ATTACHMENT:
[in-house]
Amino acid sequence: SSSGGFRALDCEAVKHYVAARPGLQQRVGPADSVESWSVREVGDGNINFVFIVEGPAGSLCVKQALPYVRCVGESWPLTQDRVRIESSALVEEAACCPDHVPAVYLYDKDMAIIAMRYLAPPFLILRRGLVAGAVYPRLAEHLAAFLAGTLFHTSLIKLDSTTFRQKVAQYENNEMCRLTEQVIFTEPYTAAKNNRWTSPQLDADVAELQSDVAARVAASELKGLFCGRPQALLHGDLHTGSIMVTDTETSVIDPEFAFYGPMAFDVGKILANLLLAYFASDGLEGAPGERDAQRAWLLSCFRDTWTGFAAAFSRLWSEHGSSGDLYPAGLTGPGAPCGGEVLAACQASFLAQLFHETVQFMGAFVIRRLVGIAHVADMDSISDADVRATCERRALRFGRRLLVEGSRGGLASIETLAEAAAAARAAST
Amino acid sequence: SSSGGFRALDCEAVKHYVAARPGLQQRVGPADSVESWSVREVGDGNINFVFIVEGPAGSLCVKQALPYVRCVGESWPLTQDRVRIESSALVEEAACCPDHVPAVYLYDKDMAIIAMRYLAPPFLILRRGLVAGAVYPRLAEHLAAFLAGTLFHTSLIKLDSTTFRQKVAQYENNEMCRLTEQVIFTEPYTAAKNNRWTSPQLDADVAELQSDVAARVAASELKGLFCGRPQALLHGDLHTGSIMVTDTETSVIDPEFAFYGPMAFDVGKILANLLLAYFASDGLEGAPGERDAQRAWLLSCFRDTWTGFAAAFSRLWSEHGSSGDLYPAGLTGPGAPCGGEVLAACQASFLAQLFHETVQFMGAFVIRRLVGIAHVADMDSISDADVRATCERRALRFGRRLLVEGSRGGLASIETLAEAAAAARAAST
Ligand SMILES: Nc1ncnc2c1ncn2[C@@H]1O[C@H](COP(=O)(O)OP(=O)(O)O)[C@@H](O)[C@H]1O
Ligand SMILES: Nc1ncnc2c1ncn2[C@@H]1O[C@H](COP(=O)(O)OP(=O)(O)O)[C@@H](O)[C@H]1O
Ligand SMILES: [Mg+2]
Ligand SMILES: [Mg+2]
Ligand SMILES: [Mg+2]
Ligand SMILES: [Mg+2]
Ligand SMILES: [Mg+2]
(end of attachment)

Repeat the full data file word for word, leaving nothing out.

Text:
[in-house]
Amino acid sequence: SSSGGFRALDCEAVKHYVAARPGLQQRVGPADSVESWSVREVGDGNINFVFIVEGPAGSLCVKQALPYVRCVGESWPLTQDRVRIESSALVEEAACCPDHVPAVYLYDKDMAIIAMRYLAPPFLILRRGLVAGAVYPRLAEHLAAFLAGTLFHTSLIKLDSTTFRQKVAQYENNEMCRLTEQVIFTEPYTAAKNNRWTSPQLDADVAELQSDVAARVAASELKGLFCGRPQALLHGDLHTGSIMVTDTETSVIDPEFAFYGPMAFDVGKILANLLLAYFASDGLEGAPGERDAQRAWLLSCFRDTWTGFAAAFSRLWSEHGSSGDLYPAGLTGPGAPCGGEVLAACQASFLAQLFHETVQFMGAFVIRRLVGIAHVADMDSISDADVRATCERRALRFGRRLLVEGSRGGLASIETLAEAAAAARAAST
Amino acid sequence: SSSGGFRALDCEAVKHYVAARPGLQQRVGPADSVESWSVREVGDGNINFVFIVEGPAGSLCVKQALPYVRCVGESWPLTQDRVRIESSALVEEAACCPDHVPAVYLYDKDMAIIAMRYLAPPFLILRRGLVAGAVYPRLAEHLAAFLAGTLFHTSLIKLDSTTFRQKVAQYENNEMCRLTEQVIFTEPYTAAKNNRWTSPQLDADVAELQSDVAARVAASELKGLFCGRPQALLHGDLHTGSIMVTDTETSVIDPEFAFYGPMAFDVGKILANLLLAYFASDGLEGAPGERDAQRAWLLSCFRDTWTGFAAAFSRLWSEHGSSGDLYPAGLTGPGAPCGGEVLAACQASFLAQLFHETVQFMGAFVIRRLVGIAHVADMDSISDADVRATCERRALRFGRRLLVEGSRGGLASIETLAEAAAAARAAST
Ligand SMILES: Nc1ncnc2c1ncn2[C@@H]1O[C@H](COP(=O)(O)OP(=O)(O)O)[C@@H](O)[C@H]1O
Ligand SMILES: Nc1ncnc2c1ncn2[C@@H]1O[C@H](COP(=O)(O)OP(=O)(O)O)[C@@H](O)[C@H]1O
Ligand SMILES: [Mg+2]
Ligand SMILES: [Mg+2]
Ligand SMILES: [Mg+2]
Ligand SMILES: [Mg+2]
Ligand SMILES: [Mg+2]